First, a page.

To be honest, I wasn’t going to bother doing anything on this show as I’ve done enough of these already this year! The plan was to chill out, hang out with friends who I’d not seen for a while (one of whom was celebrating her birthday) and just soak in the show without having to worry about thinking about it. There’s also the thing about writing about multiple versions of a similar show that requires finding something unique to wrap the whole shebang around that gives each show its character. The fact that I’m sitting here on a train tapping this out on a phone is probably as good an indication of how unique of character last night’s show was.
And that’s without taking into account watching the many people trying to make their way down steps that weren’t there by trying to walk through a metal barrier that was.

Arriving slightly late, we sadly missed Lyenn’s opening set and almost all of Duke Garwood’s performance, catching mere snippets of that as we availed ourselves of the goodies available at the merchandise stand. Good job we did too, as the Christmas CDs – according to reports garnered from elsewhere today – were gone shortly afterwards.

So, on to Creature With The Atom Brain who provided a similar set to the one they’ve been touring for most of this year. Weirdly, it wasn’t their brightest performance I’ve seen of theirs – the band were still throwing themselves into it gamely enough, and I still chortle at the chutzpah employed in doing a drum solo during a support slot (in the set’s highlight Wolf Eyes), but their usual brightness was dimmed both literally (they usually enjoy a much more illuminated set than the headliner, tonight they were barely illuminated) and sonically, as they performed their set through a very muddy sound system that dampened everyone’s enthusiasm. Closer Transylvania saw Duke Garwood reappear onstage for a very strange saxophone-accompanied ending to the set – Baker Street it wasn’t, but it was a fun, chaotic end to their set.

Yeah, I know. On the plus side, it’s better than just text, and you know what they look like just as much as you know how crap I am at taking phone pics even when I’m not chilling at the back.



A quick tidy-up later, and CWTAB’s Aldo Struyf and Jean-Phillippe de Gheest were back on stage, joined swiftly by guitarist Steven Janssens and bassist Frederic Jacques (himself fresh from his opening sting as Lyenn), and almost before Mark Lanegan himself could get both his hands on the mic stand, the band launched into Gravedigger’s Song. Immediately, the place brightened up – as well as the sound becoming almost immediately pin-sharp, the band were drenched in their now-familiar bright red wash of lighting, including Mark himself who usually seems to prefer a more shadowy presence. And as usual, the crowd were rapt throughout, treated as they were to a set culled mostly from this year’s Blues Funeral plus a few choice cuts from elsewhere along his musical journey. The highlight from his current collection came in the form of Quiver Syndrome, a song not so much performed last night as fired out of a cannon – where the set before had been largely mellow and powerfully moody, this thing basically ran in, set a massive firecracker off in the middle of the room and ran out again before anyone could catch their breath. An absolutely barnstorming rendition of the song, it took the following calm of One Hundred Days to take it all in.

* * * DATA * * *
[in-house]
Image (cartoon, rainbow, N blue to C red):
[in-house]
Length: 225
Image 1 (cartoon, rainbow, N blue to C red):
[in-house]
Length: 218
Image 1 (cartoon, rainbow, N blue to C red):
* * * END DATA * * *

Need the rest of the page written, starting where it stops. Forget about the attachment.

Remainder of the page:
Another one knocked clean out of the park was the Screaming Trees’ Black Rose Way, the bright sound in the auditorium allowing every part of this uptempo number (especially everyone’s enthusiasm for playing it) shine through. As with other songs that this band have dropped into their set during their prolonged touring, BRW has benefitted hugely from a bit more familiarity: this is also true of their cover of the Smoke Fairies’ Devil In My Mind, the “London churns like it wants me for dead” line delivered with extra relish for the home crowd, Steve managing admirably to replicate the song’s cello parts on his guitar and Frederic pulling off a backing vocal so accurate to the original that I was straining to see if Catherine and Jessica had appeared on stage with them.

After the beautiful sendoff of Tiny Grain Of Truth, it was very quickly off stage and then very quickly back on again (time was against us) for the dual crowdpleasers of Hangin’ Tree and Methamphetamine Blues, bringing a raucous end to a great evening. Overall, I’d still have to say that the Birmingham show remains my favourite of this tour (for reasons of music, setting and company), but this really ran it close. There’s no denying that the nine months of touring has honed this band into a unit more than capable of consistently and excellently performing these songs. Not a foot was put wrong last night, and when the wheels finally fall off the bus, hopefully their services are retained for the next adventure.




Gravedigger’s Song

Sleep With Me

Hit The City

Wedding Dress

One Way Street

Phantasmagoria Blues

Grey Goes Black

Devil In My Mind (Smoke Fairies Cover)

Harborview Hospital

Quiver Syndrome

One Hundred Days

Creeping Coastline Of Lights

Black Rose Way

Riot In My House

Ode To Sad Disco

St. Louis Elegy

Tiny Grain Of Truth


Hangin’ Tree

Methamphetamine Blues